Why is this important? University students in New Zealand live in poor conditions every day due to the lack of support from the government and with living costs rising rapidly, students are in need of support now more than ever. Annual inflation has risen to 6.9% which is the highest percentage in 30 years. This impacts petrol, housing, electricity, water use, supermarket shopping and all other necessities. Food prices went 8.3 in the last year alone. This makes it extremely difficult for students to cover the funds for living and studying at the same time. Out of 4500 students surveyed, ⅔ of students regularly do not have enough money to buy food, clothing, pay bills, get health care or other basics. The student loan provided by Study Link does not provide enough money for living expenses and the student allowance is very hard to qualify for. The average living cost in New Zealand is $3,000 per month. The maximum amount students can borrow through a student loan to help pay for living costs is $228.81 a week which adds up to less than a third of the average living cost per month. This is not enough for uni students to live in New Zealand's expensive living costs while still covering education fees, the government has high expectations of the next generation yet refuses to provide the necessary support and assistance to be financially able to study. It should therefore be the government's responsibility to financially assist a student in their education journey. Society expects people to go study and build themselves a degree and an education foundation so there are people available to fill jobs. An example is that society needs medical students to hold the responsibility of becoming a nurse or doctors to provide essential medical care. We believe that a positive change in policy regarding student allowance would have a significant benefit on students’ financial state. Education is a right, not a privilege, so everyone should be able to have an equal chance to be able to study. Supporting more students to be able to access the student allowance would create an opportunity to break the cycle of families and individuals who have never been able to gain a territory education due to financial hardship and not enough support. With more government assistance, this builds a stronger future generation.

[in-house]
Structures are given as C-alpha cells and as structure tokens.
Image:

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  • Ensure young people get paid fairly: Make minimum wage the same for ALL